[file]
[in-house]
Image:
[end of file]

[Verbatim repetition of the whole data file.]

[in-house]
Image: